Film Writer Alice Weltermann finds Cocaine Bear to be fun but forgettable
Elizabeth Banks’ Cocaine Bear is a Class A film that will leave you saying, “That’s cinema, baby!”.
Its premise is simple. The ‘Cocaine’ half of its title comes about when conspicuous bags of cocaine are dropped from a crashing plane for a local gang to find, headed by boss Syd White (Ray Liotta). But before they can find it, the ‘Bear’ half gets into the stash, becomes addicted, and goes on a killing spree: a slasher of coincidence ensues.
Loosely based on a true story, the film’s inspiration became something of an urban myth, dubbed ‘Pablo Escobear’. The film’s real-life counterpart, though, unfortunately, died within 20 minutes of doing the cocaine. Cocaine Bear breathes 90 minutes into a story that only takes 2 minutes to tell, fleshing it out into a ridiculous spectacle: indeed, it is ridiculous by nature, and that is what makes it worth watching. But as well as that, Cocaine Bear questions the wider impact of drug trafficking on innocent animals and children, positioning its true villain not as the ‘Escobear’ but as the greedy humans surrounding her.
Cocaine Bear indulges in a mid-80s nostalgia, reminiscent of Stranger Things, which serves it well. Drawing on 1980s thrillers, the film’s fast pace and kitschy narrative pack both a comedic and a violent punch. The decision to follow a Goonies-like plot for the core family trio, though, doesn’t really fit in with the film’s wider aesthetic. This story, led by Dee Dee (Brooklyn Prince) and Henry (Christian Convery), sparks the film’s action when Dee Dee’s mother Sari (Keri Russell) goes in search of the children, one of whom has been kidnapped by the Bear. This plot, however, is at its best when pushed to the side. It is quickly overshadowed by more memorable figures: Margot Martindale as Ranger Liz and Isaiah Whitlock Jr. as Detective Bob offer expert performances that perfectly complement the inherent absurdity of this film.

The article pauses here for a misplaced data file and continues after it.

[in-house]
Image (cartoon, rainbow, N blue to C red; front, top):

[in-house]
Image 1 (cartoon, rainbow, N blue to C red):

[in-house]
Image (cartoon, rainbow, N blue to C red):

Amongst some questionable acting from other cast members, seasoned actors Martindale and Liotta steal the show, fighting for memorability only with a 10-minute scene involving an ambulance (perhaps a perfect scene). This scene and others have already been likened to the works of Sam Raimi (Evil Dead, Spider-man) for having the same unseriousness- Cocaine Bear has a great time doing what it’s doing, successfully remaining in on its own joke for most of the film. Most of the film’s humour lands, although its script by Jimmy Warden is mediocre, with most comedy ensuing from visual silliness. This humour underpins the film’s violence well, only clashing with its random moments of attempted sincerity in which both jokes and the message become a little cringeworthy.
But there is still a message to be found: everything goes wrong because humans have invaded a natural space. So humans become the true villains of Cocaine Bear, who herself becomes a sanctified girl-boss as a single mother defending her turf. The fact that she is a female bear interestingly places her in the ‘good for her’ universe that can be seen floating around on Twitter, made up of characters such as Gone Girl’s Amy (Rosamund Pike) and Midsommars’ Dani (Florence Pugh). These women transgress and break laws, but aren’t necessarily condemned for it- in fact, they are idolised for it. Their arguable insanity is framed as an appropriate reaction to the confused, patriarchal world around them. Similarly, it isn’t Cocaine Bear’s fault that she finds White’s cocaine, nor that humans constantly stumble along her path. More than anything, she is a victim, able to violently reclaim her turf (by being a bear). So, Cocaine Bear the girl-boss also escapes punishment, instead living out a long and happy cocaine-filled life.
Cocaine Bear is inoffensive, providing some solid entertainment. It’s a film you can have fun with and then forget about. Although the film (even just in its title) is begging to be talked about and made into a meme, it doesn’t have any specific impact, nor is it saying anything especially memorable or unique. Perhaps, in her girl-boss fit for a zoo, Banks is calling for more women to start viciously murdering, or at the very least, she wants us to start doing cocaine.
Cocaine Bear is in cinemas now.
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